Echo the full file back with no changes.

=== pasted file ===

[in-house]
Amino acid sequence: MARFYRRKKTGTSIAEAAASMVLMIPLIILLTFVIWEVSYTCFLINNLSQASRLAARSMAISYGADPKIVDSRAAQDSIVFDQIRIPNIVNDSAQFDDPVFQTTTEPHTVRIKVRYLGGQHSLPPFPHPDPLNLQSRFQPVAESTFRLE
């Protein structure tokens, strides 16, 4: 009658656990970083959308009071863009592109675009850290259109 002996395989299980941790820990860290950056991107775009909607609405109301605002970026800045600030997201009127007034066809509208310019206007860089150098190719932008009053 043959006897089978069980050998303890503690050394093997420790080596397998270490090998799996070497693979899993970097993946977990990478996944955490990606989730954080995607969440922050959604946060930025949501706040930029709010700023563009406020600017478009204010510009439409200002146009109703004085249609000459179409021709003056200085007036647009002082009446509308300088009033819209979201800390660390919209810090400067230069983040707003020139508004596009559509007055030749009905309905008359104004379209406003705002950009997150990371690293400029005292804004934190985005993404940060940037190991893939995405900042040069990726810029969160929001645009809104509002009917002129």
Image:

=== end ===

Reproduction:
[in-house]
Amino acid sequence: MARFYRRKKTGTSIAEAAASMVLMIPLIILLTFVIWEVSYTCFLINNLSQASRLAARSMAISYGADPKIVDSRAAQDSIVFDQIRIPNIVNDSAQFDDPVFQTTTEPHTVRIKVRYLGGQHSLPPFPHPDPLNLQSRFQPVAESTFRLE
């Protein structure tokens, strides 16, 4: 009658656990970083959308009071863009592109675009850290259109 002996395989299980941790820990860290950056991107775009909607609405109301605002970026800045600030997201009127007034066809509208310019206007860089150098190719932008009053 043959006897089978069980050998303890503690050394093997420790080596397998270490090998799996070497693979899993970097993946977990990478996944955490990606989730954080995607969440922050959604946060930025949501706040930029709010700023563009406020600017478009204010510009439409200002146009109703004085249609000459179409021709003056200085007036647009002082009446509308300088009033819209979201800390660390919209810090400067230069983040707003020139508004596009559509007055030749009905309905008359104004379209406003705002950009997150990371690293400029005292804004934190985005993404940060940037190991893939995405900042040069990726810029969160929001645009809104509002009917002129």
Image: